Obsessive Cyclist Disease
As a professional mechanic, I see lots of people who obsess over their bike’s look, the noise it creates, the feel when some component wears, or the minute changes to fitting. Have a read of the below and decide if you may be suffering from OCD (Obsessive Cyclist Disease)
The look of a bike is more important to some people than to others. This doesn’t mean that your bike must be shiny and new, riders of rat-bikes are just as guilty of caring about appearance as a shiny road bike user. Cleaning your bike when it becomes dirty is one thing, but polishing every remote nook may be taking things a little far. The obsessive cyclist would never purchase a bike which has a scratch, even if the price is reduced by 50%. They imagine that the bike will stay as new condition for its entire life and are particularly upset when a small crash marks their pride and joy. If you spend more money on cleaning products, chain lube, and GT85 in a month than you do on food then you are surely an obsessive cyclist. If you spend hours debating which colour handlebar tape to buy and never actually fit it because the colours are marginally off, then you are infected. Have you ever tried on 3 different kit choices to see which best complimented your bike, perhaps you have OCD.
The last knockings
The bike shop doors burst open hitting their stoppers hard enough to crack the glass. The scene is reminiscent of a hospital emergency room in the movies. A Cervelo time-trial bike is wheeled in by its distraught owner who wears a grim mask of guilt, fear, and worries. Sweat or tears drip from his nose as he approaches the desk. The emergency care team of bicycle mechanics prepare for the worst, not all bikes can be saved and this looks serious. Amidst his cries of anguish over his fallen steed the mechanics manage to ascertain the cause of the pain. The Cervelo has a creak coming from the Bottom-bracket. “Oh lord what can be done” “is she done for?” cries the Obsessive cyclist.“The bike just needs a service”, reply the mechanics, getting to work.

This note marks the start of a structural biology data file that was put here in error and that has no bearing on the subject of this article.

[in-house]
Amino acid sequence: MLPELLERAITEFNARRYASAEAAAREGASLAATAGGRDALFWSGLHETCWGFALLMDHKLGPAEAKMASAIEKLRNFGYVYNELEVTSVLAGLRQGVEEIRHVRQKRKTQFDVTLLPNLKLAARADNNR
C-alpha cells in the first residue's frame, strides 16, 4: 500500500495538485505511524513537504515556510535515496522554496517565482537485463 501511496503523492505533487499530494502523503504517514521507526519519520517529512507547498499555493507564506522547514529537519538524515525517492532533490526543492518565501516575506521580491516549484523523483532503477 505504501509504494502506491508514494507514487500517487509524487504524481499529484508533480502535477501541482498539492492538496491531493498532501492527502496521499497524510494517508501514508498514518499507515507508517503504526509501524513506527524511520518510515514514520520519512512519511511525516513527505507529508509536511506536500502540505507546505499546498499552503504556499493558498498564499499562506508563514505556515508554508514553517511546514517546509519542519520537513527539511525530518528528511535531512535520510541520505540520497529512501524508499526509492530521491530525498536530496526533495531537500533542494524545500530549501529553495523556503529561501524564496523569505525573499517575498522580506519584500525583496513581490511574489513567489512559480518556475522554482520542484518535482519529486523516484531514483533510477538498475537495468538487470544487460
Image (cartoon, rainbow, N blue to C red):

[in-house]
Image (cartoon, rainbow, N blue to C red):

If you have ever created such a scene in your local bike shop, over a small noise coming from a lightweight transportation machine, then you are one of them. The obsessive cyclist may clean a bike but it’s rare that they will follow the service guidelines. They believe only in outward appearance, a clean bike is a fine bike.